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RUE MORGUE #1: 200 Alternative Horror Films You Need to See

Launched in 1997 by Rodrigo Gudiño, RUE MORGUE is the world’s leading horror in culture and entertainment brand, spearheaded by its multiple award-winning magazine, RUE MORGUE and RUE MORGUE DIGITAL; RUE MORGUE TV specialty horror channel; RUE MORGUE LIBRARY book series; RUE MORGUE PRESENTS FRIGHTMARE IN THE FALLS horror expo and RUE MORGUE PRESENTS CINEMACABRE MOVIE NIGHTS monthly film series.

MARRS Media Inc.
6 Issues

in this issue

260 min

HORROR FANS TEND TO VENERATE THEIR FILMS. That’s why, the average genre lover’s top film list tends to resemble all the others put out by the mainstream. Guaranteed you’ll find The Exorcist, Psycho, The Shining and maybe The Texas Chainsaw Massacre vying for the scariest film of all time. You’ll also probably find the likes of Alien, Night of the Living Dead, Halloween and Jaws on there too, followed by Rosemary’s Baby, A Nightmare on Elm Street, Dawn of the Dead, Frankenstein, The Thing… you know the drill. They’re all essential viewing, but the problem is that we don’t need to be told to watch those movies. We’ve already seen them. That’s where Rue Morgue Magazine’s 200 Horror Films You Need to See comes in. This is a look at genre titles…

5 min
5150 elm’s way

2009/CANADA/110 MIN STARRING MARC-ANDRÉ GRONDIN, NORMAND D’AMOUR AND SONIA VACHON DIRECTED BY ÉRIC TESSIER French horror films from France are celebrated by genre fans worldwide. French horror films from Quebec, however, are virtually unknown outside of the province. Case in point: 5150 Elm’s Way (a.k.a. 5150 Rue des Ormes), an adaptation of a novel by Patrick Senécal, who’s often called “The Stephen King of Quebec.” Directed by Éric Tessier (who previously adapted Senécal’s Evil Words), it stars Quebec A-lister Marc-André Grondin as Yannick, a film student who falls off his bike while out shooting and seeks help at a very average-looking suburban home. After accidentally stumbling across a bleeding man in one of the upstairs rooms, he’s taken captive by the family patriarch, Jacques, a pious vigilante who kills junkies, pedophiles and anyone else…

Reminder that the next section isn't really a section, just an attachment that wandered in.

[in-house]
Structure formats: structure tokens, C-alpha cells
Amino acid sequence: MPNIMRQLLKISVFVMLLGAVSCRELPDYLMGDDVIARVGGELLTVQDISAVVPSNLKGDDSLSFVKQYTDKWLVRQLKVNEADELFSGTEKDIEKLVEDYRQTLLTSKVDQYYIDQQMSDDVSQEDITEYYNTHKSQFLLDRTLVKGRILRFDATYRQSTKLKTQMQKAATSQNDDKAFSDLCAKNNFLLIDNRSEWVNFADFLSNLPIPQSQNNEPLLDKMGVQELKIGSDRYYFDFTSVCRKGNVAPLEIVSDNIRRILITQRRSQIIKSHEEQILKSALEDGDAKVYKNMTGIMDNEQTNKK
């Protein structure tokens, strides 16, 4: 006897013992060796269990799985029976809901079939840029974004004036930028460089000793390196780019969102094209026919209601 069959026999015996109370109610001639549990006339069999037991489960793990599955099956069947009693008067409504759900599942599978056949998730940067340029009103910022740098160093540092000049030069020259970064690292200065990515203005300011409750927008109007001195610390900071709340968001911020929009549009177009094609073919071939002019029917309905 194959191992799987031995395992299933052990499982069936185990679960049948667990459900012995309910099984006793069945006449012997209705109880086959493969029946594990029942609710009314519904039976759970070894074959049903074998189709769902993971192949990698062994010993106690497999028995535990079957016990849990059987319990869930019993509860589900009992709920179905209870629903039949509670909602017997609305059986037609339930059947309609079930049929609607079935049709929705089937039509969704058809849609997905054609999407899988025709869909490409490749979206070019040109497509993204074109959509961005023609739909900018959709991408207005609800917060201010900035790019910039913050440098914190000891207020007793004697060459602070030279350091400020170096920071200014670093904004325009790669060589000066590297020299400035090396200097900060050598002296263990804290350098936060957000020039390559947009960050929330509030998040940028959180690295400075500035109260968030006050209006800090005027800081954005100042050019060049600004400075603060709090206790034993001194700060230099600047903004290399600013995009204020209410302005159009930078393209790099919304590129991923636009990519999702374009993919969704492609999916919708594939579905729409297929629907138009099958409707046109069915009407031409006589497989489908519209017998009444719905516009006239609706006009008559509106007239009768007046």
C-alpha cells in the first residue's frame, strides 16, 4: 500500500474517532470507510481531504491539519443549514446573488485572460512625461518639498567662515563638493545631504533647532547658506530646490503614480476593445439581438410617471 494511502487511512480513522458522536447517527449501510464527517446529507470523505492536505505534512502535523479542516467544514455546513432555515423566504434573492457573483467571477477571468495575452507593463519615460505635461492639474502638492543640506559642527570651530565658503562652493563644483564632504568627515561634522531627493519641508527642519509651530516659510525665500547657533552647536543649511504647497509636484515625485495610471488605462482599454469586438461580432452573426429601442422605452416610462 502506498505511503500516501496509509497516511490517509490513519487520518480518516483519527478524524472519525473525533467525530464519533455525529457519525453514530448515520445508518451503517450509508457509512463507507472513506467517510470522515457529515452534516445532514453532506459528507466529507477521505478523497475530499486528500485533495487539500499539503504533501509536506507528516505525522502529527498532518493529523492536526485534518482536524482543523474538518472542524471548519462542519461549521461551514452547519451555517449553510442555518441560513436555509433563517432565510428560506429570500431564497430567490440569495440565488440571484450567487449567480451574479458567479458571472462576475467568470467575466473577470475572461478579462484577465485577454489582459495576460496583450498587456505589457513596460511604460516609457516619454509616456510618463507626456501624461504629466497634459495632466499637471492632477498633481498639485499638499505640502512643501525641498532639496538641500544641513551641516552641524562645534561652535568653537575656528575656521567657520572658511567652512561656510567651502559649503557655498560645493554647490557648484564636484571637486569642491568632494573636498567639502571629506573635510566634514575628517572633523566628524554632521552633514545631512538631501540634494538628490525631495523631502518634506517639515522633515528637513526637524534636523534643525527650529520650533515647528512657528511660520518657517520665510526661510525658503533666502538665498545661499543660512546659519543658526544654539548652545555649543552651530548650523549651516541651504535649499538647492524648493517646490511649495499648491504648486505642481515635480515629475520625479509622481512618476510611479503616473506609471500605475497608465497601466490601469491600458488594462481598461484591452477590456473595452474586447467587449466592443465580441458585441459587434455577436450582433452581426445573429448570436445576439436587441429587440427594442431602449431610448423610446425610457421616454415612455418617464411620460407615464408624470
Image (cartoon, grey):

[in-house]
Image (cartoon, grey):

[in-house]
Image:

4 min

1980/USA/91 MIN STARRING ROBERT FORSTER, ROBIN RIKER AND MICHAEL V. GAZZO DIRECTED BY LEWIS TEAGUE If you insist on watching only one “nature-runs-amok” film tonight make sure it’s Alligator. Few horror movies are as subversive and suspenseful as this spirited reworking of Jaws from screenwriter John Sayles and director Lewis Teague. Opening with an adorable pet alligator being flushed down the toilet, Alligator is the story of David Madison (Robert Forster), a balding detective investigating a case involving two dismembered bodies discovered in the sewers. After a fellow officer is eaten by the creature (which has now grown to monstrous size due to the hormone-experiment waste materials dumped illegally into the sewers), Madison attempts to convince the authorities that a gigantic reptile stalks beneath the city. When a missing reporter’s camera is recovered from…

5 min
the arcane sorcerer

1996/ITALY/96 MIN STARRING CARLO CECCHI, STEFANO DIONISI AND ARNALDO NINCHI DIRECTED BY PUPI AVATI Common is the cinematic period piece. Less common is the film that feels as if it was lensed years before it actually was, with cinematography, pacing and storytelling all seemingly from another era. Such is The Arcane Sorcerer (a.k.a. L'arcano incantatore, in its original Italian). The measured mood piece is drenched in forlorn atmosphere, brimming with complex ideas about the nature of good and evil, and couched in visuals that show an amazing amount of attention to historical detail – from the melancholic shots of the desolate countryside to towering libraries full of mysterious old tomes, housed within dilapidated stonework holy buildings. Perhaps its ageless visual style is due to the fact that its writer/director, Pupi Avati, got his start…

3 min
behind the mask: the rise of leslie vernon

2006/USA/92 MIN STARRING NATHAN BAESEL, ANGELA GOETHALS AND ZELDA RUBENSTEIN DIRECTED BY SCOTT GLOSSERMAN In the genre, few horses are deader or get flogged harder than the slasher movie. Like zombie flicks, they’re cheap to make, always find an audience, and first-time directors can easily follow their formula. But once in a while along comes a guy like Scott Glosserman, who finds an entirely new way to capture a killer on film. The Bethesda, Maryland native studied film in university (where he wrote a thesis on The Shining in a Conventions of the Horror Film class), before going to work at a talent agency where a friend helped him discover the ideal concept for a first feature. It was a script called Behind the Mask by a fledgling screenwriter named David J. Stieve. “David had…

4 min
10 gore films you need to see

BAD TASTE 1987/NEW ZEALAND/91 MIN Academy Award-winning director Peter Jackson is best known for the Lord of the Rings trilogy, but his career as a filmmaker has humble origins. His first film, shot on weekends over four years with friends as cast and crew, is Monty Python-esque splatstick about a quartet of government agents thwarting an invasion by aliens who plan to turn Earth into a fast food restaurant. Behold a steady stream of inventive special effects gags include decapitations, vomit drinking, and an exploding sheep. A BAY OF BLOOD 1971/ITALY/84 MIN A husband murders his elderly wife for control of her valuable waterfront property, but is promptly murdered himself, setting off a cleverly convoluted string of murders amongst a disparate group of stakeholders. Bava’s blackly comic body-count classic was a major inspiration for the…